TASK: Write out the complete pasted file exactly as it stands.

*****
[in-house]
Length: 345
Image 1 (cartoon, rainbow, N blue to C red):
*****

[in-house]
Length: 345
Image 1 (cartoon, rainbow, N blue to C red):